• Much longer codes. Other 2FA methods typically only send you a six-digit code to confirm your identity, basically because it would be unreasonable to expect humans to type much more than that. YubiKeys don't ask you to manually type a code, so they're free to use much longer codes. That's more secure.

  • Easy to migrate. Did you get a new computer? Just unplug your YubiKey from the old one, plug it into the new one, and you can log in to all of your apps, same as before. You can also use one key to log in to your account on multiple computers. I've found the process to be much easier than migrating other 2FA.

  • Really hard to hack. It's relatively easy for hackers to compromise your email or SMS. It's a lot harder—close to impossible with current technology—to fake the codes generated by a unique hardware device.

Again, there's a lot more nuance here, but these are the broad advantages of the YubiKey over other forms of 2FA.

How to set up your YubiKey

Setting up your YubiKey isn't that different from setting up app-based two-factor authentication. If you're actually using a YubiKey (not another hardware authenticator), here's what you need to do:

  1. Plug in your YubiKey.

  2. Head to Yubico.com/setup and click your device.

  3. Browse the list of supported apps and find what you want to secure.

  4. Follow the instructions.

How this works is going to vary from app to app, but I'll use Google as an example. Follow the instruction for Google, and you'll find a link with instructions for adding your YubiKey to your Google account, which offers a link for adding your key.

Google YubiKey setup

You will be asked to plug in your device and press the button on it.

Google confirm YubiKey

Do that. Your browser may ask for permission to access your key, but once you give that permission, you should get a confirmation that your key is set up. You can optionally give it a name, which is useful if you have multiple YubiKeys.

Google YubiKey working

That's it. You can now use your YubiKey to log in to your Google account on any device. Repeat this process for every account you want to lock down in this way.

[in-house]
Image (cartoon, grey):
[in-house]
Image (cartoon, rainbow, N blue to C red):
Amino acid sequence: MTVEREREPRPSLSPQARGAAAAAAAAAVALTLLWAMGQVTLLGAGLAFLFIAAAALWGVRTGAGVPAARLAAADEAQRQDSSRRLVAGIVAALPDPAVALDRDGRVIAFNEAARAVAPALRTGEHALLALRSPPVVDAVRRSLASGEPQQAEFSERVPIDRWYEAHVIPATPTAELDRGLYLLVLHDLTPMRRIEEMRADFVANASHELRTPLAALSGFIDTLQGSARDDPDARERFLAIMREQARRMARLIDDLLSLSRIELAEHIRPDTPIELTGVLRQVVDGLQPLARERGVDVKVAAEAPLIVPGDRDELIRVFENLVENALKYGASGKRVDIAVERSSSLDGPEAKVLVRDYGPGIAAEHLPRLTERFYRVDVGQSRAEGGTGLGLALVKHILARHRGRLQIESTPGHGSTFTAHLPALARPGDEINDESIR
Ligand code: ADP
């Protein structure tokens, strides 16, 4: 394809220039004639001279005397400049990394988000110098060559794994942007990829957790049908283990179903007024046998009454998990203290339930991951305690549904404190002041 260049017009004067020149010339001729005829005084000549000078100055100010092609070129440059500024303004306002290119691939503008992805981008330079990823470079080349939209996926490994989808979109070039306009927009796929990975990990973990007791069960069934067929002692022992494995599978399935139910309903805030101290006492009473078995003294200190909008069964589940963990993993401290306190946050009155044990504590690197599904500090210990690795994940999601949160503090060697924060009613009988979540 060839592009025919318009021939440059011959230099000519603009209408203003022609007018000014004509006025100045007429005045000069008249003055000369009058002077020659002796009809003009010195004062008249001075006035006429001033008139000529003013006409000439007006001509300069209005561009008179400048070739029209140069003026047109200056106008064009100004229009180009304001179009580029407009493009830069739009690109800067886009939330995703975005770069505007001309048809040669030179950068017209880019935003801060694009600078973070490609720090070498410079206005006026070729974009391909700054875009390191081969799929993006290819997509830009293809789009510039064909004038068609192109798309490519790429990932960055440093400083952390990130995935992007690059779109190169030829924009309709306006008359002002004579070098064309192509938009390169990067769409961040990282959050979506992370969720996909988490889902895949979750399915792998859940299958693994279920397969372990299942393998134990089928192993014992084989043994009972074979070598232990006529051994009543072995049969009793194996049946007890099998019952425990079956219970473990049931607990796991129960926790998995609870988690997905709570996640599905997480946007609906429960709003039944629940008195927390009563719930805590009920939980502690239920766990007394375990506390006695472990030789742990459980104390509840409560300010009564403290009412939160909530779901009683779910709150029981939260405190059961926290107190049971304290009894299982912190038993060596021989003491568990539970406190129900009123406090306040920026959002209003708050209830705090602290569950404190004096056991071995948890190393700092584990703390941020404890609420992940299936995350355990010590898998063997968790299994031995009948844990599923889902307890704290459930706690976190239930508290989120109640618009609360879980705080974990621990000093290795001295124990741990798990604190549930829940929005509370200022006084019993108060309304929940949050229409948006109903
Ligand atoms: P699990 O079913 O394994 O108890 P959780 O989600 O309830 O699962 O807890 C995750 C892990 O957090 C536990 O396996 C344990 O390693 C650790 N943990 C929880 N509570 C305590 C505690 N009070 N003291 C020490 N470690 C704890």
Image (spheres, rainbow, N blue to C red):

How do I stop accidentally triggering my YubiKey?

Yubikeys of all shapes and sizes
YubiKeys come in all shapes and (small) sizes.

I own the YubiKey 5C Nano, which is a tiny USB-C dongle. I leave it plugged into my MacBook Pro, and it's surprisingly easy to trigger accidentally—particularly when picking up my laptop. It's not so much a button as it is a thin strip of metal that triggers when touched. When you touch it, it thinks you're trying to log in to something, which results in a secure code being entered in whatever text box you have open, and then the enter key being "pressed." The result, on Slack, looks like this:

What happens if you press your YubiKey in Slack
Yes, this happens so often that we have a custom emoji for it.

These codes are generated by OTP, which is one of the protocols that your YubiKey uses to connect to servers. You could stop this from happening altogether by turning off OTP, but that might break your ability to log in to some services. I think, for most users, it's better to configure OTP to not trigger unless you hold the button for three seconds. This is a little complicated, but doable. YubiKey offers instructions for fixing this, but they're kind of hard to follow, so here's a summary.

To get started, download YubiKey manager on your computer. Install it, open the program, hover over Applications and click OTP.

YubiKey Manager

You should see two slots for OTP: the Short Touch, in Slot 1, and Long Touch, in Slot 2. Click the Swap button, so that OTP shows up in Slot 2. Like this:

YubiKey swap OTP slots

In some cases it won't be this simple, but only if you've configured Slot 2 for some other purpose. You can read more on the YubiKey website if that's you.